He used his abilities to rebel against Toyo Harada and his evil Harbinger Foundation (all the while not knowing that Harada, all the while, was toying with Pete).
Of course, Pete had some more tricks up his sleeve against Harada that Harada was NOT prepared for…
One of the interesting bits in the comic was how Pete’s girlfriend was only dating him because Pete was subconsciously forcing her through his mental powers. Once he realized this, he cut it out, but it as still a trespass that Pete felt terrible about.
However, an added wrinkle to the story comes when you look at what was Jim Shooter’s intent for the character originally, as I learned on Pete’s Wikipedia page, where it states that Jim Shooter intended for Pete to be gay.
I checked with Shooter, and he replied with a wealth of knowledge about Harbinger (as well as confirming the whole “Pete was intended to be gay” thing):
Harbinger began as a treatment written at the request of the head of development at Paramount who wanted a movie with young super heroes. She “loved” what I wrote, but since they had just signed a seven-picture deal with Eddie Murphy, she asked me to turn it into a comedy vehicle for him. I refused. I ended up using the Harbinger idea, somewhat different, somewhat differently developed, at VALIANT (
That definitely adds an interesting wrinkle to the story, no?
The whole idea of a guy subconsciously getting a girl to like him while he, himself, was really interested in guys? That the desire to fit the prototypical image of a “normal” teen was so powerful that a gay guy subconsciously forced a girl to like him? Good stuff by Shooter.
Anyhow, thanks to Jim Shooter for the information – it was highly informative, as always, and thanks to Wikipedia for the original info!
COMIC URBAN LEGEND: Grant Morrison ghost-wrote an issue of Mark Millar’s The Authority.
I’ve been asked this one a few times over the years, but while I was pretty positive that it was true, I never was able to find either Morrison or Millar on the record about the topic, but just the other day, I found an interview that Rich Johnston did with Morrison a few years back that completely confirmed the story.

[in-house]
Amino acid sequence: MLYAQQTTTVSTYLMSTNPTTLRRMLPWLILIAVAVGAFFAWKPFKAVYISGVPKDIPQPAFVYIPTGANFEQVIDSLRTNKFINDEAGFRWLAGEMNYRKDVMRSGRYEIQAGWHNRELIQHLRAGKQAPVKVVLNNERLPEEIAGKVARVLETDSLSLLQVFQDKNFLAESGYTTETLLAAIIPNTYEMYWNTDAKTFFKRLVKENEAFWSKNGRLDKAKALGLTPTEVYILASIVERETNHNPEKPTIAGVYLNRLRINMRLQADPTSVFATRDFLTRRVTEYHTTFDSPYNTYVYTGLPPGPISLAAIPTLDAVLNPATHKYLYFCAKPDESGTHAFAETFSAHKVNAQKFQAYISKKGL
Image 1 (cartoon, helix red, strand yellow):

Mark Mllar took over as the writer onThe Authority after Warren Ellis with The Authority #13, along with artist Frank Quitely.
While in the midst of their last storyline on the book, Quitely jumped ship to draw New X-Men for Marvel, and there was a break while the book gained a new artist (Tom Peyer and Dustin Nguyen did a fill-in storyline). During the same time, Millar was having health issues, so when he returned with the Authority #27, Grant Morrison stepped in and wrote The Authority #28 (with Millar adjusting Morrison’s script to make the issue fit in with Millar’s story).
In an interview with Rich Johnston at Dynamic Forces, Morrison recalled the experience:
Authority 28 caused some problems for me personally because I wrote the story as a favour and then, surprisingly, wasn’t paid or acknowledged for it until I called Wildstorm and the situation was quickly resolved. I wanted the issue to go out under some whimsical credit like ‘The Mock Millar Experience’ but otherwise I had no intention of putting my name on it. It was a gag. This is the story of watch gears turning and bureaucratic springs unwinding – hardly the fuel for so much rumour among so few. The best bit no-one saw was the first page – another victim of the censor’s scythe. My original had a splash page with Jesus Christ, Allah, and Buddha all standing in front of a bullet-pocked wall. Each wears a blindfold and sweats nervously, fag in the lips. A big balloon from off panel reads…’FIRE!’. Turn the page and it goes into the Surgeon’s speech before they meet Religimon.
Thanks to Rich Johnston and Grant Morrison for the confirmation!
Okay, that’s it for this week!
Thanks to the Grand Comic Book Database for this week’s covers!
Feel free (heck, I implore you!) to write in with your suggestions for future installments! My e-mail address is email@example.com.
See you next week!